Dealing with Job Burnout as a CNA

Dealing with Job Burnout as a CNA

Are you a CNA who is experiencing extreme stress due to some aspect of your job? If you are, you are not alone! Work-related stress is quite common among nursing aides. However, when it becomes more than you can handle, it can lead to what is known as burnout. Job burnout can leave you with feelings ranging from depression to anger.

Before you let the effects of burnout take over your life, you need to pinpoint what is stressing you out the most. There may be several aspects of your job that are stressful, but if you can find a way to handle the most stressful aspect, you will feel much better. Some of the most common things that CNAs find stressful are as follows:

  • Long Work Schedules
  • Lack of Downtime
  • Lack of Family Time
  • Heavy Work Loads
  • Disagreements with Coworkers or Supervisors
  • Difficulty Coping with Death and Dying

Talk to Your Supervisor

If you have determined that your biggest problem at work involves your work schedule, workload, or disagreements with a coworker, the best thing to do is speak with your supervisor. Most supervisors are more understanding than you may think and are willing to do whatever is necessary to help you succeed on the job.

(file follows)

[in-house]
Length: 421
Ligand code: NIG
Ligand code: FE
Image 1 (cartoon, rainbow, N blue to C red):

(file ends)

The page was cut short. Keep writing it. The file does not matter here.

Consider Switching to Part Time Hours

If you are having trouble finding time for yourself or your family, you may want to consider switching to a part-time schedule. Of course, this may not be feasible for you if you need full-time wages to cover your bills. You can also consider working part time temporarily while you recuperate from burnout.

Take a Much-Needed Vacation

In some cases, many employers offer paid vacations to their full-time employees. Find out if your company offers paid vacations, and if it does, by all means, take that much-needed time off! Sometimes, just spending a few days away from your job can help to relieve your stress and deal with burnout.

Make Some Time for Yourself

Perhaps the best way to deal with burnout as a CNA is to make time for yourself. As a nursing aide, you spend much of your time caring for the needs of others. Ignoring your own needs can quickly lead to burnout! As such, find even just a few minutes each day to pamper yourself. Read a good book, take a bubble bath, or pick up a fun hobby.

When All Else Fails

At times, it may seem like there is nothing you can do to solve your problems at work. If you cannot come to terms with your supervisor about scheduling issues, your workload, or problems with a coworker, you may need to consider finding a new CNA job. This is also true if you are having problems with your supervisor! However, keep in mind that it is best to part on good terms so that you can obtain a good reference.


There are many things you can do to cope with job burnout as a CAN, including talking to your supervisor, taking a vacation, and switching to part-time hours.

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